WL#12788: Iterator executor analytics queries
Affects: Server-8.0 — Status: Complete
Building on the work in WL#12074 and WL#12470, this worklog seeks to broaden the scope of the analytics queries the iterator executor can handle, by supporting window functions, rollup, and final deduplication (used on DISTINCT queries that can't deduplicate directly in the final temporary table).
No (new) functional requirements. All queries should remain the same. Even performance schema results should be the same. Some warnings may end up on different line numbers. No (new) non-functional requirements. Performance should not regress.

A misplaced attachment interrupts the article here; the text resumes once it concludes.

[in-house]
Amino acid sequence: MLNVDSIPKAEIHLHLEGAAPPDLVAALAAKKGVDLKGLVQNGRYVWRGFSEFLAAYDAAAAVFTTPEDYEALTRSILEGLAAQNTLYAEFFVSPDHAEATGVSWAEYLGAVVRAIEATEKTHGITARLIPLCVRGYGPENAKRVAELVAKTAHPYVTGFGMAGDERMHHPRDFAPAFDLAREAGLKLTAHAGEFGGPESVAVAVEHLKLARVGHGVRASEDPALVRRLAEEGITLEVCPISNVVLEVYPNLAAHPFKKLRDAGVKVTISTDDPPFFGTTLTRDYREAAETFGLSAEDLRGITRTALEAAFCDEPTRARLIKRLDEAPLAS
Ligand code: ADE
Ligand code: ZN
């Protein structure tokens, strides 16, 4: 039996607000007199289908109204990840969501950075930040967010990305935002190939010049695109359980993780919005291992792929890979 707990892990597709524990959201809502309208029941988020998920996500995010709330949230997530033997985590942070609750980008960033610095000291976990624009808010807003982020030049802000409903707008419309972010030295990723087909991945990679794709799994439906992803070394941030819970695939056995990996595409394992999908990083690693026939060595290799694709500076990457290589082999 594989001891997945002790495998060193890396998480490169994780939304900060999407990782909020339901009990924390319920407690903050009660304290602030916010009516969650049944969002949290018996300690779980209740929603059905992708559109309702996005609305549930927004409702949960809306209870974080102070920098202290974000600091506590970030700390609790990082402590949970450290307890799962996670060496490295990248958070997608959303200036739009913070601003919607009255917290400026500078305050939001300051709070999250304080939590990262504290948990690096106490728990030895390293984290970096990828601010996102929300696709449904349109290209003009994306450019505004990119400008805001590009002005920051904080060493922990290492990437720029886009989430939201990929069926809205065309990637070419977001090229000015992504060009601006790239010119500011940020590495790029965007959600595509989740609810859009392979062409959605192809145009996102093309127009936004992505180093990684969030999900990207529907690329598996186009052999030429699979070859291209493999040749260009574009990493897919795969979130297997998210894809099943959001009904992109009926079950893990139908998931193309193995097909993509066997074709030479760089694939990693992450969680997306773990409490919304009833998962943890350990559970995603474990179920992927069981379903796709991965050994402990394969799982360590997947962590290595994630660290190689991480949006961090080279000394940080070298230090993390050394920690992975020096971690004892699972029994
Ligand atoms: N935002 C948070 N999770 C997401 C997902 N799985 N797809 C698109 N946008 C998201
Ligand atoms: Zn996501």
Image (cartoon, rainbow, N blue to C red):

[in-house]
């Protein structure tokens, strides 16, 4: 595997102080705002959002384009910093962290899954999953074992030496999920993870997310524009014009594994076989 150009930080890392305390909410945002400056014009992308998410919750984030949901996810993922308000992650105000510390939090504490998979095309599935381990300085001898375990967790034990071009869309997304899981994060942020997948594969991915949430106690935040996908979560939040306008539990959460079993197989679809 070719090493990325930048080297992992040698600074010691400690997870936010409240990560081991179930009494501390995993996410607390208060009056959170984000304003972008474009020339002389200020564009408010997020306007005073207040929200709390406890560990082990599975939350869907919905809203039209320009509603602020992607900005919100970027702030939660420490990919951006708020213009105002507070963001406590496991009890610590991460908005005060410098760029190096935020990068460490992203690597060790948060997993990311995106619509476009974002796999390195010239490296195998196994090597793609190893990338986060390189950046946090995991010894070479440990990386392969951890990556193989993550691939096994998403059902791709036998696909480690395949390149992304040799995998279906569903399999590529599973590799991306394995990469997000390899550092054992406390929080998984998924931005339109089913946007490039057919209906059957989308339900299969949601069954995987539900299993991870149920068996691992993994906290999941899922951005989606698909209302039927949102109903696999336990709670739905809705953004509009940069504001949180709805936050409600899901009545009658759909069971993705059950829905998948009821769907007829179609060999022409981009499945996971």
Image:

The new features are: Windowing functions: Two new iterators, WindowingIterator and BufferingWindowingIterator. These work pretty much like the existing aggregate iterators, except that the aggregates are windowing aggregates. They reuse most of the existing WF functions behind the scenes. Rollup: The biggest challenge with rollup is that we need to replace the grouping items with NULLs in the rollup rows, even for non-nullable fields. In the old executor, which was push-based, this was solved by switching the field list when pushing the additional rows. With the current iterator design, which is pull- based and has no explicit field list (arguably a shortcoming, but not one which is too easily fix), we cannot easily do this. Instead, we replace the field list with a set of Item_refs, which can then be pointed to different places when rollup rows are to be returned. Final deduplication: Normally, deduplication (SELECT DISTINCT) happens by adding a unique index to the final temporary table. However, in the cases where we do aggregation directly into a temporary table, we cannot use such an index, since rows change during query execution and thus cannot be deduplicated on-the-fly. (E.g., consider SELECT DISTINCT COUNT(*) FROM t1 GROUP BY f1.) The old executor solves this by adding a post-pass that actually deletes rows from the temporary table; for small tables, it uses a hash table to deduplicate, but for larger ones, it uses an O(n^2) algorithm based on pairwise comparison, which is extremely slow. Neither fits very well in an iterator design, and thus, we replace this step by filesort, which is consistently O(n log n) with a small constant factor. Filesort needs to be extended with support for deduplicating rows, which is done as part of this work. As part of this worklog, we are also finally removing the concept of execution stages (creating sort index, sorting for group, sorting for order, sorting result, removing duplicates); all of execution will now simply become "executing". Execution stages have not given out meaningful information for many, many years as execution has been overlapping, and with iterators, they overlap even more, so it is meaningless to say that we are doing one stage or the other.
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